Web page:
United States District Court, S.D. Illinois
KENNETH W. K., Plaintiff,
COMMISSIONER OF SOCIAL SECURITY, Defendant.
MEMORANDUM AND ORDER
PHIL GILBERT DISTRICT JUDGE.
accordance with 42 U.S.C. § 405(g), plaintiff Kenneth W.
K., represented by counsel, seeks review of the final
decision of the Commissioner of Social Security denying his
application for Disability Insurance Benefits (DIB) pursuant
to 42 U.S.C. § 423.
applied for disability benefits in January 2016, alleging
disability beginning on November 14, 2015. After holding an
evidentiary hearing, ALJ Raymond L. Souza denied the
application on February 17, 2017. (Tr. 15-28.) The Appeals
Council denied plaintiff's request for review, and the
ALJ's decision became the final agency decision subject
to judicial review. (Tr. 1.) Plaintiff has exhausted
administrative remedies and has filed a timely complaint in
makes the following arguments:
1. The ALJ's finding that plaintiff had engaged in
substantial gainful activity in the fourth quarter of 2015
2. The ALJ did not properly evaluate the opinions of treating
psychiatrist Jeffrey Chalfant, counselor Justine Livesay, and
state agency reviewer David Biscardi.
3. The ALJ did not properly assess the reliability of his
statements concerning the intensity, persistence and limiting
effects of his symptoms.
qualify for benefits, a claimant must be
“disabled” pursuant to the Social Security Act.
The Act defines a “disability” as the
“inability to engage in any substantial gainful
activity by reason of any medically determinable physical or
mental impairment which can be expected to result in death or
which has lasted or can be expected to last for a continuous
period of not less than 12 months.” 42 U.S.C. §
423(d)(1)(A). The physical or mental impairment must result
from a medically demonstrable abnormality. 42 U.S.C. §
423(d)(3). Moreover, the impairment must prevent the
plaintiff from engaging in significant physical or mental
work activity done for pay or profit. 20 C.F.R. §
Security regulations require an ALJ to ask five questions
when determining whether a claimant is disabled. The first
three questions are simple: (1) whether the claimant is
presently unemployed; (2) whether the claimant has a severe
physical or mental impairment; and (3) whether that
impairment meets or is equivalent to one of the listed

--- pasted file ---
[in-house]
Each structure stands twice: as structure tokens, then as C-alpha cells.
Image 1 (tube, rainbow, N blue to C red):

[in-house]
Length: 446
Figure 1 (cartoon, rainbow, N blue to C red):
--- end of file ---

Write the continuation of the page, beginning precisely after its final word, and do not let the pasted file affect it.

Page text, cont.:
impairments that the regulations acknowledge to be
conclusively disabling. 20 C.F.R. § 404.1520(a)(4);
Weatherbee v. Astrue, 649 F.3d 565, 569 (7th Cir.
2011). If the answers to these questions are “yes,
” then the ALJ should find that the claimant is
times, an ALJ may find that the claimant is unemployed and
has a serious impairment, but the impairment is neither
listed in nor equivalent to the impairments in the
regulations-failing at step three. If this happens, then the
ALJ must ask a fourth question: (4) whether the claimant is
able to perform his or her previous work. Id. If the
claimant is not able to, then the burden shifts to the
Commissioner to answer a fifth and final question: (5)
whether the claimant is capable of performing any
work within the economy, in light of the claimant's age,
education, and work experience. If the claimant cannot, then
the ALJ should find the claimant to be disabled.
Id.; see also Simila v. Astrue, 573 F.3d
503, 512-13 (7th Cir. 2009); Zurawski v. Halter, 245
F.3d 881, 886 (7th Cir. 2001).
claimant may appeal the final decision of the Social Security
Administration to this Court, but the scope of review here is
limited: while the Court must ensure that the ALJ did not
make any errors of law, the ALJ's findings of fact are
conclusive as long as they are supported by
“substantial evidence.” 42 U.S.C. § 405(g).
Substantial evidence is evidence that a reasonable person
would find sufficient to support a decision.
Weatherbee, 649 F.3d at 568 (citing Jens v.
Barnhart, 347 F.3d 209, 212 (7th Cir. 2003)). The Court
takes into account the entire administrative record when
reviewing for substantial evidence, but it does not reweigh
evidence, resolve conflicts, decide questions of credibility,
or substitute its own judgment for that of the ALJ.
Brewer v. Chater, 103 F.3d 1384, 1390 (7th Cir.
1997); Moore v. Colvin, 743 F.3d 1118, 1121 (7th
Cir. 2014). But even though this judicial review is limited,
the Court should not and does not act as a rubber stamp for
the Commissioner. Parker v. Astrue, 597 F.3d 920,
921 (7th Cir. 2010).
Decision of the ALJ
Souza followed the five-step analytical framework described
above. He determined that plaintiff had engaged in
substantial gainful activity in the fourth quarter of 2015,
but not thereafter, and he is insured for DIB through
December 31, 2020.
found that plaintiff had severe impairments of post-traumatic
stress disorder, depression, and anxiety, and that these
impairments do not meet or equal a listed impairment.
Souza concluded that plaintiff had the residual functional
capacity to perform work at the medium exertional level with
the following limitations:
[H]e should avoid using hazardous machinery. He is also able
to remember, understand, and carry out simple and routine
instructions and tasks consistent with SVP levels 1 and 2
type jobs with only occasional decision making required and
occasional changes in the work setting. There should also be
no strict production quotas with emphasis on a per shift
rather than per hour basis. Additionally the ...